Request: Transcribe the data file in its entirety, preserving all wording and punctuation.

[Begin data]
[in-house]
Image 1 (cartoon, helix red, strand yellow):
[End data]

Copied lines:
[in-house]
Image 1 (cartoon, helix red, strand yellow):